Joy Kogawa’s Obasan has forced critics to include Asian Canadians in their study of ethnic literature; it is such a fine work no critic can ignore it. Kogawa has defined political and cultural connections between the Japanese immigrants of Canada and America. Both groups were held in internment camps during World War II. Their property was seized, and their families were often separated. In Canada and the United States the men of the families fought for their new countries while their wives, children, and siblings remained interred. Arguably one of the finest literary renderings of this experience, Obasan investigates what happened as a result of these practices.
Naomi Nakane, the protagonist of...
(The entire section is 393 words.)
Five-year-old Naomi Nakane’s secure life in her Vancouver home is shattered by a series of events far beyond her control. First, a neighbor lures her into an episode of abuse, leaving her with a guilty heart. Then her mother leaves for Japan to help nurse an ailing grandmother. Her Aunt Emily comes to visit, and Naomi overhears frantic, whispered conversations, which she does not understand. The culmination comes when Naomi, her older brother Stephen, and their Aunt Aya (Obasan of the title) are sent to live in Slocan, a near-deserted mining town in the mountains of interior British Columbia. Naomi’s father does not go with them; he is sent to a work camp.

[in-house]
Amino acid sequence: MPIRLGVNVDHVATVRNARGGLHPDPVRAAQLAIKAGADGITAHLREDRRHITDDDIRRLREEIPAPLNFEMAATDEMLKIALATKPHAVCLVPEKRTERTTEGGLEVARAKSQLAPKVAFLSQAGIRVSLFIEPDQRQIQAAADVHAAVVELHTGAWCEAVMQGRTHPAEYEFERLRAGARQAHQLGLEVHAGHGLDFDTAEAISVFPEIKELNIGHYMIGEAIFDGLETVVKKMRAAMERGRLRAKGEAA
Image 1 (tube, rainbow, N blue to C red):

Their assigned home is a sagging, two-room log cabin on the edge of the woods. It is crowded and primitive, even more crowded when an aged aunt and Obasan’s husband, Isamu, arrive, but Obasan’s and Uncle’s efforts soon make it livable. The family group settles in to live there for an unknown duration.
Most of the adults in Slocan have suffered the forced loss of their property, homes, and occupations, but even so a community emerges. Naomi and Stephen do not have a school, except for Sunday School, until May, 1943. Stephen, however, has his music, and Obasan keeps Naomi busy making scrapbooks of the royal family. Naomi has a close brush with death when she jumps off a log raft into a murky lake. Rescued by Rough Lock Bill, a local resident, she ends up in the hospital but learns that not all white Canadians are like her scary Vancouver neighbor.
When the war is over, there is hope of returning to Vancouver. Unfortunately, it is not to be. Naomi’s father comes for a short visit. He is greeted joyously, but obviously his health is precarious. When the family is removed once again, this time to work in the sugar beet fields of Alberta, he is hospitalized with tuberculosis. Naomi never sees him again. Nor is there ever any word from her absent mother.
Life and work in the beet fields are even more miserable than life in Slocan. The family’s house is a battered one-room chicken...
(The entire section is 853 words.)